"1055 W. E. R C Corona virus concerns In Alabama, The State Health Department reporting the highest single day total for new cases 2164. Hospitalizations. Also at an all time high, the number of I C U beds available, hitting a new low. Alabama Hospital Association leader, Dr Don Williamson says he's worried, saying things are trending in a bad direction. Outgoing Congresswoman Martha Roby, endorsing a successor. Robie is backing businessman Jeff Coleman. He faces former state Representative Barrymore in next week's run off their bidding farewell. To a music legend. Open visitation is underway today until eight o'clock in Mount Julia, Tennessee for Charlie Daniels. Last night fans, friends, fellow musicians, all coming to celebrate his life at seller's funeral home. The owner judge Sellers has known Charlie for the last 10 years, man. He had a pure heart. Your heart and just a remarkable human being. And our loss is Heaven's Gate. Trace Adkins, Tracy Lawrence and Darryl Worley, all setting up in the parking lot playing music and reminiscing made it too. I mean, he went on that stage with incredible energy never phoned it in and that's a lesson in China. It was somebody that I knew If I got in a bind, I could count on him. It always, you know, Expect the truth and honesty from him and, uh, He called me down when I was out of line, and he lifted me.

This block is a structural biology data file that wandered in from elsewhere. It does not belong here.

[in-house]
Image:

Healing from Trauma with Dr. Don Wood